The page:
On Christ the King Sunday, we have the opportunity to gather around his throne and see how Jesus is unlike any other king who ever has been or ever will be. We celebrate his awesome reign as king in every age and season of life on earth and in the eternal age to come in heaven. And we look forward to the day when we will see Christ the King with our own eyes!
Fruit doesn't last. Maybe you've discovered that peach with the fuzz that isn't supposed to be there, that forgotten apple that has turned to mush in your refrigerator. All you can do it throw it away and clean up the mess. But Jesus says that he has chosen us to bear fruit that will last (John 15:16). How do we produce such lasting fruit, and what does it look like?
"It is good for us to be here," Peter said on the mountain that day (Luke 9:33). He didn't want the moment to end--that moment in the presence of the glory of God, listening to his Lord and God's holy prophets. Peter was right. It is good for all of God's people to see God's glory. When days are dark and difficult, that glory assures us that everything will be okay. When death and disappointment cast their shadow over us, that glory provides light and hope that will never go out.
There is nothing the devil wants more than to divide the house of God-the Church. If it is divided, he knows it is weakened and he is in a much better position to attack. The house of God is divided in so many ways: sinful attitudes and behaviors, false teachings, misunderstandings, and more. In this week's worship, we see the devil at work to divide God's house and Jesus' work to overcome the devil.
Light and darkness are polar opposites. Where one advances, the other must retreat. Thus, they parallel the ultimate of polar opposites—good and evil, holiness and sin. Ever since mankind fell into sin, God promised to send a great Light to pierce the darkness of sin and death.
Imagine what it must have been like for him. He left heaven to rescue those who sinned against him. But many rejected him and even tried to stop him from doing what he came to do. How often he must have been tempted to give up, to abort the mission. But nothing would stand in his way. In his determination, we see his love and find hope and strength to go on when we feel like giving up.
So many families and homes are "broken" these days that, as a society, we hardly call them "broken" anymore. And the problem is only getting worse. The reality is that, in comparison to God's perfect design for the family, every family is broken. The only solution is to stop and look at the beautiful blueprints of God's design, blueprints made even more beautiful, when they are stained with the crimson blood of our Savior.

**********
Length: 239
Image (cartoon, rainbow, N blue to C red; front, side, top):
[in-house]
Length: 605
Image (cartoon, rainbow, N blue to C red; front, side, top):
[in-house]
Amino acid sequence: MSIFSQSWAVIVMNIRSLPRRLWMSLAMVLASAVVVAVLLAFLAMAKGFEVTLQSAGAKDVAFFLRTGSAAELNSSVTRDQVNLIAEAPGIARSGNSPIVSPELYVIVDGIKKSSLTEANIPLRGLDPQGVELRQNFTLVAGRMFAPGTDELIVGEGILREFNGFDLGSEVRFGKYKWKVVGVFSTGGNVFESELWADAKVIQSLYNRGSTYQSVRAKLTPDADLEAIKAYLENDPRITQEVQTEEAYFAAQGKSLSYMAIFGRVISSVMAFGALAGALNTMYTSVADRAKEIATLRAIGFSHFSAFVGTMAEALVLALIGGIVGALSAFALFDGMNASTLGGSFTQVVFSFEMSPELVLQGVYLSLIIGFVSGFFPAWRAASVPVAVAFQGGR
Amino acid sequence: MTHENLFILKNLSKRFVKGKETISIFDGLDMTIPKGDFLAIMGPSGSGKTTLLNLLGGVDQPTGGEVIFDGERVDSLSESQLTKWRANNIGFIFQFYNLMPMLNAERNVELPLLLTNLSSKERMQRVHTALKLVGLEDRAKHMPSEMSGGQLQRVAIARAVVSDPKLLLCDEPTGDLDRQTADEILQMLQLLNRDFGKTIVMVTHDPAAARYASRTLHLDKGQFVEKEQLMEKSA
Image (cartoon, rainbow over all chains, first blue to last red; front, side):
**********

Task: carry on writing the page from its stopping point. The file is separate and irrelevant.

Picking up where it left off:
It can seem easy to trust in God when things are going well. But what about when things are not going so well? What about when your life or the life of someone you love hangs in the balance? What is in your heart in those moments? Fear? Worry? Sorrow? Perhaps, but through his Word the Holy Spirit puts one more thing there: Faith. And that makes all the difference.
Lent is for sinners. Nothing that Jesus suffers in his Passion is because of his own guilt. God gave Israel and Judah everything, and they threw it all away. So what does God do? He establishes a new covenant--a covenant by which he judges and condemns his own innocent Son just for sinners, just for you and me. It's a beautiful covenant straight from the heart of God, signed in the blood of his own Son. Let's follow after him and embrace him in this new covenant in these remaining days of Lent!
Christmas is a season of lights. The lights we see bring a smile to our faces and warmth to our hearts. The twinkling of Christmas tree lights and the glitter of tinsel reminds us of Light of the world who came to dispel the darkness of unbelief with the light of the gospel. Seeing his light brings unfading light and lasting joy to our hearts.
Love is rarely a gift. Typically, when you love someone, it is because you get something in return. You love your spouse in part because of the support and affection he shows to you. You love your favorite teacher because of what she gives you by making learning enjoyable. You love your dog because he is a loyal companion. In such cases, love is not a gift. It is something that is merited… deserved. Now, if you loved a spouse who always treated you like dirt, loved a teacher who taught you nothing, loved a dog that daily bit you, then your love would be a gift. If you love someone who gives you nothing in return, who makes your existence more difficult, then your love is a gift. You are showing undeserved love, which Scripture calls grace.
Love is rarely a gift. However, with God, his love is always a gift. God the Father looks at humanity and he sees us doing the evil we should not do. Just as bad, he sees us failing to do the good that we ought to do. Do we make God’s existence easier? No. Instead, God the Son took on human flesh and suffered and died to make atonement for our sins. Yet, he did so gladly. Why? Love! Love that is undeserved. The gift of love!